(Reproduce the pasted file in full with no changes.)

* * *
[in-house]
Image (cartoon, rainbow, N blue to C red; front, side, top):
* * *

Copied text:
[in-house]
Image (cartoon, rainbow, N blue to C red; front, side, top):